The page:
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Brussels Town Cemetery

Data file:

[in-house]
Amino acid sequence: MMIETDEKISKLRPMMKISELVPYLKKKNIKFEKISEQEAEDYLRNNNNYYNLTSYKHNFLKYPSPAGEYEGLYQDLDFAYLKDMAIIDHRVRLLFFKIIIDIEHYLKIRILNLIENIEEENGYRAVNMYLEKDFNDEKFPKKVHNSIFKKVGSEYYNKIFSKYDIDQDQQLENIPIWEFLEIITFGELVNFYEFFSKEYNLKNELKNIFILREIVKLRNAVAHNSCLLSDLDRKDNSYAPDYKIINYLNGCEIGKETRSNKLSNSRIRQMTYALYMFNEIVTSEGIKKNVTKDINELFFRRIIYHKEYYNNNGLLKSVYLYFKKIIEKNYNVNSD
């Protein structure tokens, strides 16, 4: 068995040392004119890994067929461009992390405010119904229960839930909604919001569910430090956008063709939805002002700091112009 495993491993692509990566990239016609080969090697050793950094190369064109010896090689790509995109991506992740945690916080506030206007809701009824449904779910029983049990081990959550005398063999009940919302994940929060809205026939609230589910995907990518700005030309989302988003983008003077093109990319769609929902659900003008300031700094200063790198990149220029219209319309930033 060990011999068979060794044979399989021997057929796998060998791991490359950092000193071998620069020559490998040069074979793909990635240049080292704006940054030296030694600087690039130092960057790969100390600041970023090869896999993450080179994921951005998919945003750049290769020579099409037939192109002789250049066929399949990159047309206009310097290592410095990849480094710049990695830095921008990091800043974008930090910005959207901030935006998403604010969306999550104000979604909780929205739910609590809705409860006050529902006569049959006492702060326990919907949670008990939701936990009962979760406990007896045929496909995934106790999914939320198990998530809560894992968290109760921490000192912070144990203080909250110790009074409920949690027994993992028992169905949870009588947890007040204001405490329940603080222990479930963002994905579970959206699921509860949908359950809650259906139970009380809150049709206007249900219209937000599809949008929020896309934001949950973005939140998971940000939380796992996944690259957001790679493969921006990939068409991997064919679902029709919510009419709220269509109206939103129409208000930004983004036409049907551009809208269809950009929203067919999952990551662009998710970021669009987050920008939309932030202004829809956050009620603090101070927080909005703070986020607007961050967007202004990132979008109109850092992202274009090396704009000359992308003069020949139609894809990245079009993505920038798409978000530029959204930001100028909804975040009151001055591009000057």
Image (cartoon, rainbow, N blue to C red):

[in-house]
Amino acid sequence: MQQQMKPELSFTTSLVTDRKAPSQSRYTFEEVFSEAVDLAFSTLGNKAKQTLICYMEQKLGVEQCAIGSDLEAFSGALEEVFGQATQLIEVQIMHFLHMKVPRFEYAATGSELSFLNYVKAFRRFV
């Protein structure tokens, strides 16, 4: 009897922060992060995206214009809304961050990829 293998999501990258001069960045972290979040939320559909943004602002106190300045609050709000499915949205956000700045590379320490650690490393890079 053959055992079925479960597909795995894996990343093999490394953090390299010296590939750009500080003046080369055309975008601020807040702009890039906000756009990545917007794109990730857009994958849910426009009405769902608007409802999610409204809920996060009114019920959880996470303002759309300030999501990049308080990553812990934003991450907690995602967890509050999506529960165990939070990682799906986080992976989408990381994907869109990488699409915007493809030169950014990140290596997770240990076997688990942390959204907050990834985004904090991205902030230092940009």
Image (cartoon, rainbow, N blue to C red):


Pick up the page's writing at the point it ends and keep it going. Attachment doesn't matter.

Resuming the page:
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Brussels Town Cemetery.  Brussels was in German hands from 20 August 1914 to the date of the Armistice. Plot X of the cemetery contains the graves of 54 Commonwealth casualties, 50 of which were prisoners of war whose bodies were brought back from Germany by the Canadian Corps in April 1919. The British Expeditionary Force was involved in the later stages of the defence of Belgium following the German invasion in May 1940, and suffered many casualties in covering the withdrawal to Dunkirk. Commonwealth forces did not return until September 1944, but in the intervening years, many airmen were shot down or crashed in raids on strategic objectives in Belgium, or while returning from missions over Germany. Most of the Second World War casualties buried in the town cemetery died on lines of communication duties after the liberation of Brussels at the beginning of September 1944, but a few date from the brief period that the BEF spent in Belgium in May 1940. Brussels Town Cemetery contains 54 Commonwealth burials of the Great War and a further 587 from the Second World War, 4 of which are unidentified. There are also 35 Foreign National burials here and 5 Non-world war Service burials (four of these are women).  There are also two servicewomen of the Second World War buried among the Fallen (Private Elizabeth Pearson Easton of the 1st Continental Group, Auxiliary Territorial Service and Private Beatrice Mary Smith, 'E' Coy., 1st Continental Group, Auxiliary Territorial Service), making for a total of seven women buried in this CWGC cemetery.  Paula Maria Gamble (nee Affenaer), and Anna White (nee Wachtelaer) were wives of men working for the Imperial War Graves Commission also buried in this cemetery.  Margaret Mary Coyne-Davey, N.A. A.F.I., died 14 February 1946 and is buried along the outer perimeter, yet civilian Doris Sullivan, who died in 28 July 1944, is mysteriously buried close to the Fallen, not far from the Cross of Sacrifice.  More mysterious, is the grave of civilian Ruth Margaret Sowerby, buried between two Dutch and Canadian soldiers. 

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